• 74. Some activity indicatorsin 20106start-ups founded in 2010: 111 software programs filed 8 I-Labs founded or in the 105 start-ups founded in totalVerbatim analysis Vera, process of being foundedLyatiss, Sysfera, KarrusITS, Powedia, Robocortex21patents filed in 2010 271 active patents 90 technology transfer projects underway72/ InrIa annual report 2010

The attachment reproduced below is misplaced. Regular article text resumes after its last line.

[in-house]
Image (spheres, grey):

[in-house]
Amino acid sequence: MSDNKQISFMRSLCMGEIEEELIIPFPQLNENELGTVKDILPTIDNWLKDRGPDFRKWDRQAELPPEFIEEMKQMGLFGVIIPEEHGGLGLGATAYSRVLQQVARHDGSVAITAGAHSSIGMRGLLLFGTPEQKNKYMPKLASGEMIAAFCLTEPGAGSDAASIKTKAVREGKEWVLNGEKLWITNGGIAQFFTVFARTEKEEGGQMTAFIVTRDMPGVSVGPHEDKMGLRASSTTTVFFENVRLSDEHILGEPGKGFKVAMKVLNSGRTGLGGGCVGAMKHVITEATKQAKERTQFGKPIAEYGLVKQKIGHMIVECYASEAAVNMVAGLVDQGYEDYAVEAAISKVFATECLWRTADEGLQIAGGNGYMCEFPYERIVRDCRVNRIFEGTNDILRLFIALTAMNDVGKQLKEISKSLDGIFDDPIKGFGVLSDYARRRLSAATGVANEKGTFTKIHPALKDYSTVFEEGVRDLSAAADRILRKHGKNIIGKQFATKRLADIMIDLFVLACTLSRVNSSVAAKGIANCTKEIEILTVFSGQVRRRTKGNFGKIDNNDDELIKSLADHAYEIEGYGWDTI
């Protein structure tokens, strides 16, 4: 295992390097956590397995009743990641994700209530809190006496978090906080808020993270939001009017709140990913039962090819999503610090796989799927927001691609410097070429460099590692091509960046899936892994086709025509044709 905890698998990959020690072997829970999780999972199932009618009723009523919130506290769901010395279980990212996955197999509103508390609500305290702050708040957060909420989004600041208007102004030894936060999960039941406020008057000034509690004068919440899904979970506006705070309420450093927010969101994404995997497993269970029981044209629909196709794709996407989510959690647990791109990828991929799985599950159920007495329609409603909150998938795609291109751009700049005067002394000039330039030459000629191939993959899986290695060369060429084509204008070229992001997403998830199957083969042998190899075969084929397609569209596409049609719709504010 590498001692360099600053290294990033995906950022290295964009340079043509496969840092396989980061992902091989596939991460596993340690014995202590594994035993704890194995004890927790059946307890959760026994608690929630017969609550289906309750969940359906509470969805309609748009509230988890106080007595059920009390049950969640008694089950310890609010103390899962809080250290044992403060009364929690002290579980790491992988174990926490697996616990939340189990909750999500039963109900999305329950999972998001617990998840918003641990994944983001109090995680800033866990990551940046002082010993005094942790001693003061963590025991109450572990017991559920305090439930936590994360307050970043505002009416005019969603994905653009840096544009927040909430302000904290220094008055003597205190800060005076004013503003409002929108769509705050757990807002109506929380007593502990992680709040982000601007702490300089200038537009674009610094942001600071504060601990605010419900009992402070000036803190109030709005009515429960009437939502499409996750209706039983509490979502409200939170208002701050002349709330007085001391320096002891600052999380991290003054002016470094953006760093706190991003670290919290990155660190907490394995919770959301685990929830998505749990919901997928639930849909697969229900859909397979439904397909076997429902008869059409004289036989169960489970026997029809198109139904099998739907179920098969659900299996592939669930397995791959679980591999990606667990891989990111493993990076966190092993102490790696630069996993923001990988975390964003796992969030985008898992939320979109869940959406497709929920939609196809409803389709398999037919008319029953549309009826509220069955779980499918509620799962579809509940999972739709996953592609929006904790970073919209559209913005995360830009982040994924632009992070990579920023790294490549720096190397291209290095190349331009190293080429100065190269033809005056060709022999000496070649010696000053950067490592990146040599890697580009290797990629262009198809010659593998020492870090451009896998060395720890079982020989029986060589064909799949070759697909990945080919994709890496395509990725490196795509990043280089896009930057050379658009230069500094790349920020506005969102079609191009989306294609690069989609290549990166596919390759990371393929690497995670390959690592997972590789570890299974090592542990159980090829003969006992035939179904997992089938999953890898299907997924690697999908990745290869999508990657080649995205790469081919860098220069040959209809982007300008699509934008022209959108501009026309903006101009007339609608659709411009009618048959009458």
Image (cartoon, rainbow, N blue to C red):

• 75. Budget for 2010(in €M excl. tax, excl. balancing operations) Pre-budget Final budget Executed Forecast for 2010 2010 budget 2010 2011Income• State allocation (subsidy for civil-service charges) 166.567 [75.7%] 164.992 [65.3%] 164.992 [64.7%] 167.704 [63.3%]including: – basic allocation 163.531 (98.2%) 161.955 (98.2%) 161.955 (98.2%) 164.700 (98.2%) – Subsidy associated with the post-doctoral programme 3.036 (1.8%) 3.036 (1.8%) 3.036 (1.8%) 3.560 (2.1%)• Own resources 51.332 [23.3%] 65.861 [26.1%] 68.379 [26.8%] 71.813 [27.1%]including: – Research contracts 33.568 (65.4%) 40.885 (62.1%) 43.970 (64.3%) 53.619 (74.7%) – Finalised research support (including donations) 6.429 (12.5%) 7.648 (11.6%) 7.329 (10.7%) 3.920 (5.5%) – Development and service products 2.159 (4.2%) 3.490 (5.3%) 3.174 (4.6%) 1.613 (2.2%) – Investment subsidies (property and equipment) 7.527 (14.7%) 11.130 (16.9%) 10.264 (15.0%) 10.976 (15.3%) – Other products and subsidies 1.649 (3.2%) 2.708 (4.1%) 3.643 (5.3%) 1.686 (2.3%)• Flow to or from working capital +2.217 [1.0%] +21.643 [8.6%] +21.643 [8.5%] +25.268 [9.5%]including: – Carry forward from the previous year - +19.239 (88.9%) +19.239 (88.9%) +23.075 (91.3%) – Other flows +2.217 (100%) +2.405 (11.1%) +2.405 (11.1%) +2.193 (8.7%)Total 220.116 [100%] 252.496 [100%] 255.014 [100%] 264.785 [100%]Expenses• Staff financed from State allocations 115.392 [52.4%] 116.331 [46.1%] 115.542 [50.1%] 119.712 [45.2%]• Staff financed by own resources 32.705 [14.9%] 36.504 [14.5%] 37.191 [16.1%] 45.065 [17.0%]• Operation and current investment 53.581 [24.3%] 73.411 [29.1%] 57.564 [25.0%] 73.564 [27.8%]including: – Research and support activities 32.938 (61.5%) 46.422 (63.2%) 36.159 (62.8%) 46.547 (63.3%) – Research support functions 20.643 (38.5%) 26.989 (36.8%) 21.405 (37.2%) 27.017 (36.7%)• Long-term investment operations 16.863 [7.7%] 26.250 [10.4%] 20.261 [8.8%] 25.185 [9.5%]including: – Scientific equipment 1.885 (11.2%) 3.569 (13.6%) 2.711 (13.4%) 2.020 (8.0%) – Property transactions 13.995 (83.0%) 21.114 (80.4%) 16.636 (82.1%) 20.815 (82.7%) – Other general means 0.984 (5.8%) 1.568 (6.0%) 0.915 (4.5%) 2.350 (9.3%)• Reserve 1.575 [0.7%] - - 1.260 [0.5%]Total 220.116 [100%] 252.496 [100%] 230.557 [100%] 264.785 [100%] InrIa annual report 2010 /73